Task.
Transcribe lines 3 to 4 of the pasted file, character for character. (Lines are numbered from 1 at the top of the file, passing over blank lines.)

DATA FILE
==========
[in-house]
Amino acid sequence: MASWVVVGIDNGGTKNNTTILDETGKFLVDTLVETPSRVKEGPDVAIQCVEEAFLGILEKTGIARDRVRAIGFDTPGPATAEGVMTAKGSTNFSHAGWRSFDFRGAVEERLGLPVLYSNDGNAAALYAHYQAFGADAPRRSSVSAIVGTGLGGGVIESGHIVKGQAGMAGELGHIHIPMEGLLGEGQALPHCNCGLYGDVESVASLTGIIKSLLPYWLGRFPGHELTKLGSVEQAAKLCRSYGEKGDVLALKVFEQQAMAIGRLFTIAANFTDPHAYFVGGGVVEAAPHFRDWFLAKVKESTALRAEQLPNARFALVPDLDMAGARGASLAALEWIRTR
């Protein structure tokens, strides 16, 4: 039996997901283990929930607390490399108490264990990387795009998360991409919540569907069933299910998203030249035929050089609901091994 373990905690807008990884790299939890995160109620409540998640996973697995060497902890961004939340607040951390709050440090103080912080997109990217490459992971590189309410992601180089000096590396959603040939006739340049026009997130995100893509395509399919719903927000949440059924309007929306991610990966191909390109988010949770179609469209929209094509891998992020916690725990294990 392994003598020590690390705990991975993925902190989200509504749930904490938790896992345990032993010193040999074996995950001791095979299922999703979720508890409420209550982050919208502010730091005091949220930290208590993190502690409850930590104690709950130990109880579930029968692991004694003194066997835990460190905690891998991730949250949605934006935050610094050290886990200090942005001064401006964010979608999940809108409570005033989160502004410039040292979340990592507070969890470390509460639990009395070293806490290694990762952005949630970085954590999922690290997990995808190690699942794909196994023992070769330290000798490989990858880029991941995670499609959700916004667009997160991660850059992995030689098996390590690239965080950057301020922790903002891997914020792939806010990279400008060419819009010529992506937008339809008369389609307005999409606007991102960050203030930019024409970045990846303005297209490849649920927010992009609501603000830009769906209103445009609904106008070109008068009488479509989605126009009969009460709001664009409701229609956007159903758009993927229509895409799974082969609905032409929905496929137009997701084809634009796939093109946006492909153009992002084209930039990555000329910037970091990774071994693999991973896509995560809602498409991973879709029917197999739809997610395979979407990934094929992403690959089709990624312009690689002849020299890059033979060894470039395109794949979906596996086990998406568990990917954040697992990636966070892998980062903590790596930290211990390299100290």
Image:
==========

């Protein structure tokens, strides 16, 4: 039996997901283990929930607390490399108490264990990387795009998360991409919540569907069933299910998203030249035929050089609901091994 373990905690807008990884790299939890995160109620409540998640996973697995060497902890961004939340607040951390709050440090103080912080997109990217490459992971590189309410992601180089000096590396959603040939006739340049026009997130995100893509395509399919719903927000949440059924309007929306991610990966191909390109988010949770179609469209929209094509891998992020916690725990294990 392994003598020590690390705990991975993925902190989200509504749930904490938790896992345990032993010193040999074996995950001791095979299922999703979720508890409420209550982050919208502010730091005091949220930290208590993190502690409850930590104690709950130990109880579930029968692991004694003194066997835990460190905690891998991730949250949605934006935050610094050290886990200090942005001064401006964010979608999940809108409570005033989160502004410039040292979340990592507070969890470390509460639990009395070293806490290694990762952005949630970085954590999922690290997990995808190690699942794909196994023992070769330290000798490989990858880029991941995670499609959700916004667009997160991660850059992995030689098996390590690239965080950057301020922790903002891997914020792939806010990279400008060419819009010529992506937008339809008369389609307005999409606007991102960050203030930019024409970045990846303005297209490849649920927010992009609501603000830009769906209103445009609904106008070109008068009488479509989605126009009969009460709001664009409701229609956007159903758009993927229509895409799974082969609905032409929905496929137009997701084809634009796939093109946006492909153009992002084209930039990555000329910037970091990774071994693999991973896509995560809602498409991973879709029917197999739809997610395979979407990934094929992403690959089709990624312009690689002849020299890059033979060894470039395109794949979906596996086990998406568990990917954040697992990636966070892998980062903590790596930290211990390299100290």
Image: